A survey released Thursday contends that a majority of post-9/11 Orange County veterans feel “significantly underprepared” for civilian life after leaving the military.
The study, commissioned by the Newport Beach-based Orange County Community Foundation, found that 61% of post-9/11 veterans say they’re having difficulties adjusting to a civilian lifestyle while another 44% screened positive for post-traumatic stress disorder (PTSD).
Pre-9/11 veterans fared better, however, with fewer respondents, 24%, testing positive for PTSD and 30% saying they’re not adjusting well in their civilian lives, organizers said.
“Veterans are not broken, but veterans are challenged with their transition home,” said Anthony Hassan, director of the USC School of Social Work’s Center for Innovation and Research on Veterans and Military Families, which conducted the study.
Organizers released their project titled “The State of the American Veteran: The Orange Veterans Study,” during a presentation Thursday at the Hilton Orange County/Costa Mesa hotel in Costa Mesa.
The study gathered data from 1,227 Orange County veterans, 90% of them men, through paper and online surveys, as well as group interviews. About 40% of respondents served in the Army, with another 25% from the Navy and 21% from the Marine Corps. The remaining 14% served in either the Air Force or Coast Guard.
A similar study was completed last year for Los Angeles County veterans. Hassan, a retired Air Force officer, stressed the need for data assembled at the local level.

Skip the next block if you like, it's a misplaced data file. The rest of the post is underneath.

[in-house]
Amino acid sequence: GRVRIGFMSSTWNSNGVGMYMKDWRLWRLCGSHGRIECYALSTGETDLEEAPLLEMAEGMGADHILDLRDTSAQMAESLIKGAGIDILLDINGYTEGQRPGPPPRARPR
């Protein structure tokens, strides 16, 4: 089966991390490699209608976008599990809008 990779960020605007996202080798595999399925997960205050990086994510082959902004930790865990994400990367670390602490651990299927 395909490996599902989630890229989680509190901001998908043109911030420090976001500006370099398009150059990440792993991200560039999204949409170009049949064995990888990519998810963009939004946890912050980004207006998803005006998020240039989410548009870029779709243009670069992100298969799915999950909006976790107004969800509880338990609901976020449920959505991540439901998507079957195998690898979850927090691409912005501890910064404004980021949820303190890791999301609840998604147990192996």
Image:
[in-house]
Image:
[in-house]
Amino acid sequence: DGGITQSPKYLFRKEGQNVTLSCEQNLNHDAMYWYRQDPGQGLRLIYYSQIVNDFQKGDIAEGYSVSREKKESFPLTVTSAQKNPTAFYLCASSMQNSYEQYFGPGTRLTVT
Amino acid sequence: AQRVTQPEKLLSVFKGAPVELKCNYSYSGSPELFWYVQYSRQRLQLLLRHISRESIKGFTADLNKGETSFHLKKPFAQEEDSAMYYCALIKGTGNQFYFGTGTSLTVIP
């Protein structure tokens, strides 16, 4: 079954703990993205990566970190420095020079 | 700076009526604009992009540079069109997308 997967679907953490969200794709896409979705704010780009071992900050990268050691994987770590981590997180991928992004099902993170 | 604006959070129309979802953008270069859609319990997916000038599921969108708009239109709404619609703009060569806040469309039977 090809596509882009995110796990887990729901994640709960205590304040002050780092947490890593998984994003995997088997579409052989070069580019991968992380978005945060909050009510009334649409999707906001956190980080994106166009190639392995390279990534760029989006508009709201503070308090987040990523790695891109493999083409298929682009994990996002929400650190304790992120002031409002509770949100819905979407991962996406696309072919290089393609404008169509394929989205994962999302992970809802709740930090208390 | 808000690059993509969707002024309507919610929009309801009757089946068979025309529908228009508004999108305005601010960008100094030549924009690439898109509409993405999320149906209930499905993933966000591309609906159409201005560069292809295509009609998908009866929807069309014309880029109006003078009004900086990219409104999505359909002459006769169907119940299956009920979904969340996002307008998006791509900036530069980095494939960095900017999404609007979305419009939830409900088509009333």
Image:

“Without local data, people aren’t listening,” he said.
Solutions, such as showing veterans where they can get help or organizing peer-to-peer networks, “can start off small, [and then] we see what works and scale it,” Hassan said.
Organizers said the study marks Orange County’s first comprehensive needs assessment for its veteran population.
Other findings include veterans’ struggles with finding employment and permanent housing.
According to the study, 74% of post-9/11 veterans didn’t have a job when leaving the service, and 71% said they didn’t receive any help finding one. Nearly 30% are unemployed and looking for work, and 40% feel that employers could see them as “broken” or potentially dangerous.
The study added that 35% of post-9/11 veterans don’t secure housing before arriving back in Orange County, and nearly 20% of them were homeless within the last 30 days.
Fifty percent of Orange County veterans reported having difficulties with the U.S. Department of Veterans Affairs.
“We are obligated, as a society, to take care of those who have taken care of us,” said retired Navy Admiral Mike Mullen, who served as the 17th chairman of the Joint Chiefs of Staff from 2007 to 2011, under presidents George W. Bush and Barack Obama.
Mullen echoed Hassan’s sentiment that aiding veterans must be accomplished on the local level.
“I don’t have much faith in Washington,” he said.
Orange County Community Foundation President Shelley Hoss said her organization is up to the task. In 2011, the foundation started a veterans initiative, which plans to find partnerships with local donors, leaders and businesses.
“We are committed to helping our veterans deal with the challenges in this transition,” Hoss said.